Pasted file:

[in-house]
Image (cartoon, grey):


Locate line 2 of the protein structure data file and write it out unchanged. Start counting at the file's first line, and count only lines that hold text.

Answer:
Image (cartoon, grey):